Hip and Knee Osteoarthritis
Hip and knee replacement care is a signature focus of our partner, the Bone and Joint Health Strategic Clinical Network. Their provincial quality program aims to guide, standardize, and improve clinical practices and patient education to deliver the best possible care.
Principles of Hip and Knee Replacement in Alberta
Managing and Improving Quality
Hip and knee replacement care in Alberta is optimized through an evidence-based measurement framework designed by ABJHI in collaboration with clinicians. Six essential dimensions of health care quality are its foundation. Evidence and best practice are constantly evolving. Care teams bring forth new knowledge to update provincial standards through a consensus process.
ABJHI supports partner hip and knee clinics and hospitals in applying Plan-Do-Study-Act methodology for process improvement. We analyze and present aggregated and de-identified performance measurements to drive continuous quality improvement. Combined with hospital data, clinic data captures pre- and post-surgical visits for about 90% of hip and knee arthroplasty patients in Alberta. Patient-reported outcome and experience measures are an important component of the program.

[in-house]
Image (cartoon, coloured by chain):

Health teams review their team’s performance and compare against provincial benchmarks and other health zones, clinics, and hospitals. Surgeons receive individual performance reports compared against provincial and aggregated scores for the surgeon’s peer group (after adjusting for the complexity of the cases).
Reports flag indicators such as wait times, health complications, patient outcomes, and resource utilization. The network of care teams use the information to improve patient care on the front-lines.
The Bigger Picture
Hip and knee arthroplasty is only required by a small fraction of those with osteoarthritis. The demand for arthroplasty is dependent on the prevalence of osteoarthritis in a population. Alberta’s population is increasing and aging, and risk factors such as obesity are trending upwards.
In short, the prevalence of osteoarthritis keeps growing. And, thus, so do the needs of those with osteoarthritis. This is further motivation for initiatives focused on conservative (non-surgical) management and prevention of osteoarthritis.